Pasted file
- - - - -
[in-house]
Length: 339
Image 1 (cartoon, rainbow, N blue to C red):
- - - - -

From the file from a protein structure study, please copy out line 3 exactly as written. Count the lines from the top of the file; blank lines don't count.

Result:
Image 1 (cartoon, rainbow, N blue to C red):